In this undated photo courtesy of the Heath family, Matthew Heath navigates a boat near the Florida Keys. Heath's family says he kept a boat in Key West, Florida with the hope it would be his ticket to a new career on the water and free of the toils of private security work he had been doing for more than a decade. (Heath family via AP)
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MEDELLIN, Colombia (AP) — “Don’t WORRY!,” reads the cryptic note scribbled on a scrap of perforated paper smuggled out of a dank, basement cellblock. “Han Solo always wins!”

The weeks-old message is all the family of Matthew Heath has to pin its hopes on since the former U.S. Marine corporal was arrested at a roadblock in Venezuela two months ago and accused by President Nicolás Maduro of being a terrorist and spying for Donald Trump.

But other than the brief mention by Maduro, the American’s plight has largely gone unnoticed. Nobody in the family or Trump administration has spoken to Heath. Nor has the Maduro government — never shy about taking a swipe at the U.S. — shared a video of the one-time intelligence contractor as it did when it nabbed two former Green Berets tied to a failed beach raid in May to overthrow him.

Now, for the first time, Heath’s family in Knoxville, Tennessee is breaking its silence. In an interview with The Associated Press, they denied Heath went to South America with the aim of plotting against Maduro.

But they are at a loss to explain some of his movements, including an earlier arrest on weapons charges in neighboring Colombia, where he arrived in March on a fishing boat with two other U.S. vets. Their theory: he was desperately traversing the northern tip of South America during a near-total coronavirus lockdown in search of passage to Aruba, where his boat lied waiting.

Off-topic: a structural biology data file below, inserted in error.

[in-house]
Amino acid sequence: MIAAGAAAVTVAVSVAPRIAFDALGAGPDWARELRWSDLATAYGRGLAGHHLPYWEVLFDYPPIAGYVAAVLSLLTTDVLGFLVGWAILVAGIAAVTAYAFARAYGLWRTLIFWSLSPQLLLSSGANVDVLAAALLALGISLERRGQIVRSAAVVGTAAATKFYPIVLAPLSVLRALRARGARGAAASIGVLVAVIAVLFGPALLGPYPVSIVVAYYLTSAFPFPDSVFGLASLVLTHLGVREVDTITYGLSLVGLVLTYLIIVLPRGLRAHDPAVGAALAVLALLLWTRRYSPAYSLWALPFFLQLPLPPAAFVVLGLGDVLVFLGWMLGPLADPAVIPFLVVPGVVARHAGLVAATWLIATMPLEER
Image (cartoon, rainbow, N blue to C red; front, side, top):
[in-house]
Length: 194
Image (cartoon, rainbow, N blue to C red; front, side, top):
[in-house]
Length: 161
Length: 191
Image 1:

“My guess is he was an American in the wrong place at the wrong time,” said Everett Rutherford, who is married to Heath’s aunt. “It didn’t help once they could figure out his history.”

Heath, 39, was arrested Sept 10 traveling along the Caribbean coast accused of scheming with three Venezuelans to sabotage oil refineries and other infrastructure to stir unrest. Authorities said they found images of targets on Heath’s cellphone and they displayed pictures taken indoors of a grenade launcher, plastic explosives, and a bag of U.S. dollars they said was being transported by the “terrorist cell.”

But many suspect the evidence was planted. None of the items were displayed in the first outdoor photos taken at the roadblock where they were arrested. Nor was there anywhere to be found a National Guard sergeant arrested with the group.

U.S. officials immediately denied sending Heath to Venezuela and advocated for his humane treatment. Coming on the heels of the foiled incursion in May organized by Florida-based security firm Silvercorp, which flopped mightily with the death of six Venezuelan fighters and two Green Berets thrown in jail, any additional American freebooting would’ve been a stretch.

But Heath’s background in signals intelligence for the Marines and past work as a U.S. government contractor in Iraq seemed straight out of a Tom Clancy novel.

Even his family has asked whether he was on some sort of secret mission — although there’s no evidence linking him to the Silvercorp fiasco or other possible mercenary activity that Maduro says was prompted by the U.S.’ $15 million bounty on his head.